The Old Testament certainly is full of Jewish nationalism, but it appears over and over as that against which the Old Testament fights. Religious nationalism is the mark of false prophets. The true prophets threaten Israel in the name of the God of justice who is able to reject his nation because of its injustice ... As the god of justice he is universal, and, if justice is violated, he rejects any claim on the basis of a special relation to his nation. The term "elected nation" is by no means an expression of national arrogance. To be elected includes the permanent threat of rejection and destruction and the demand to accept destruction in order to save the covenant of election. ... Empirically speaking there is no happy ending for the elected nation - or for the elected one of final revelation. But "empirically speaking" is not the prophetic form of speaking.On this day, I think I will let this stand without a comment.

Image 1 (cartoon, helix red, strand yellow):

Systematic Theology I, 143.
Christianity, Race and Colonialism
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